Instead of using his skills to map out new roads and streets as he did as a civil engineer in Australia, he switched to renovating period properties.
By the time he found The Old Palace he had years of experience as a restorer of houses. But what is arguably Royston’s most historic property wasn’t going to be a speculative project as most of the others had been, but a family home for the couple and their two teenage children. ‘We intended to make it our home, there was never any intention to do it up to make money.
‘We couldn’t live in the house as it was when we bought it. The priority was to repair the roof. The timbers were pretty average, I guess we replaced three or four rafters The main timbers just needed re-enforcing. After that, all the peg tiles had to be put back.’
Once the roof was rehabilitated, the family moved in and set about restoring the rooms one by one. The house has six bedrooms, two bathrooms and three principal reception rooms. Like all old houses it had been altered and extended several times over the centuries and its history can be read through the character of the rooms.
The sitting room on the first floor is where Pam and Peter spend most of their time when it’s just the two of them. The drawing room and formal dining room on the ground floor have vast open fireplaces and the two oldest doors in the house. Peter thinks they’ve probably there since the late 1600s. ‘The paneling in the drawing room also dates from the 17th century,’ he adds. ‘It has early stenciling with wreaths of flowers round the borders. The fireplace in the dining room has a salt cupboard installed by the early owners because salt was expensive and the fireplace was the best place to keep it dry. There’s also a study which the family call ‘the phone room’.
The farmhouse-style kitchen, with 21st century cooking range in the fireplace recess, is part of a 1904 extension. The original kitchen or butteries were in the building next door. There’s also a cellar which has probably been there since the original hunting lodge morphed out of two pubs.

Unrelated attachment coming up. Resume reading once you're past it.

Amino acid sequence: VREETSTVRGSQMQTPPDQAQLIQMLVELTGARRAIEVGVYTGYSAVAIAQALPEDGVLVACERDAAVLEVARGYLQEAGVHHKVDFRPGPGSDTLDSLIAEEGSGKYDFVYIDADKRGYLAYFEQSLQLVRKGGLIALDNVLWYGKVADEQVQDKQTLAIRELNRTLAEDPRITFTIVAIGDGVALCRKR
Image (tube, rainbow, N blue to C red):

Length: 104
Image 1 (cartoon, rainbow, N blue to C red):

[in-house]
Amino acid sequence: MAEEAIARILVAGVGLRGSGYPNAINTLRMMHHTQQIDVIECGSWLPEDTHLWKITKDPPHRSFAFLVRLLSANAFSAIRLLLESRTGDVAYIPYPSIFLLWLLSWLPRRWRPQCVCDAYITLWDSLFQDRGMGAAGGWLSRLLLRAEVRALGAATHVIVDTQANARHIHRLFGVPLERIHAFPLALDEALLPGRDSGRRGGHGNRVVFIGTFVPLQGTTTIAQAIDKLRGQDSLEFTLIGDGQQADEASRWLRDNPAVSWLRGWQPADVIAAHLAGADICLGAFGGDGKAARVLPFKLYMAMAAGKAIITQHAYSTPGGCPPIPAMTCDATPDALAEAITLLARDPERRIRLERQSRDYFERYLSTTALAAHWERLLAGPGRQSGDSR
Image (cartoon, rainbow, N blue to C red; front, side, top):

There are four bedrooms and two bathrooms on the first floor and two attic rooms with sloping ceilings at the top of the house, used by the Franks children had when they were growing up.
Just as the house has been ravaged by time, on the family’s arrival nature had also re-claimed the garden. ‘It was a jungle’, Peter says. ‘The previous owners wouldn’t have been able to get a JCB into the garden at the back, there was no access, but by a coincidence we were renovating barns next door and we owned both boundaries so we were able to get the machinery in that way and clear the garden for landscaping.’
Peter says they have been enormously helped at every stage of the restoration project by Peter Ketteringham, an upholsterer from the town who is a member of the Worshipful Company of Upholders and a Freeman of the City of London.
‘He’s an expert on period interiors. Before he retired he worked for the National Trust and a string of high calibre clients.’ Peter explains. Over the years he has advised Peter and Pam on the décor for the old building and the choice of fabrics for the furnishings. By working together on the house the three have become close friends. The two Peters are both trustees of Royston Museum, and Peter Ketteringham is also chairman of the local history society of which Peter Franks is a member.
Now, with the house fit for a king again, the Franks have been casting around for another place to do up. ‘I’m 70 and my wife is a touch behind me. We feel we’ve got enough life left in us for one last project,’ Peter explains. ‘It’ll be a period house, just not so big, because we no longer need six bedrooms. But we’ll enjoy doing it.’
So with that ambition The Old Palace and all its remarkable history is up for sale for £1.3m through William H Brown in Royston.